California legislators have allocated UC San Diego $35 million to design and build a new coastal research vessel with a first-of-its-kind hydrogen-hybrid propulsion system.
The new vessel will be operated by Scripps Institution of Oceanography at UC San Diego. The feasibility study to conceptualize the hydrogen fuel-cell propulsion technology for the vessel was initially completed in 2020 by Sandia National Laboratories, Glosten, and Scripps. (Earlier post.) The study was funded by the US Department of Transportation’s Maritime Administration.
The proposed 125-foot vessel will take three years to design, build, and commission, and replace Research Vessel Robert Gordon Sproul, which has served thousands of University of California students in its nearly 40 years of service but is nearing completion of its service life.
This new vessel will feature an innovative hybrid propulsion system that integrates hydrogen fuel cells alongside a conventional diesel-electric power plant, enabling zero-emission operations. The design is scaled so the ship will be able to operate 75% of its missions entirely using a non-fossil fuel—hydrogen—with only pure water and electricity as reaction products. For longer missions, extra power will be provided by clean-running modern diesel generators.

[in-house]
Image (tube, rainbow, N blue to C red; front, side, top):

The hybrid-hydrogen design of this new vessel represents an innovation in the maritime industry. Development of this and subsequent zero-emission vessels is essential to the University of California’s Carbon Neutrality Initiative, the goal to be carbon-neutral by 2025.
The vessel will be equipped with instruments and sensing systems, including acoustic Doppler current profilers, seafloor mapping systems, midwater fishery imaging systems, biological and geological sampling systems, and support for airborne drone operations.
It is envisioned that the vessel will carry up to 45 students and teachers to sea on day trips, improving the university’s capacity for experiential learning at sea. UC graduate students, postdoctoral scholars, and early-career faculty will also be able to apply for research time at sea through the UC Ship Funds Program, which provides support for expeditions on Scripps vessels through a competitive peer-reviewed proposal process.
Scripps Oceanography will also petition that the new coastal vessel serve as a shared-use facility within the US Academic Research Fleet under the auspices of the University-National Oceanographic Laboratory System (UNOLS). When completed, it will join the fleet of vessels managed by Scripps including the Navy-owned research vessels Sally Ride and Roger Revelle, which conduct global oceanographic research, and the R/V Bob and Betty Beyster, a nearshore scientific workboat. All research vessels are stationed and maintained at the university’s Nimitz Marine Facility in Point Loma.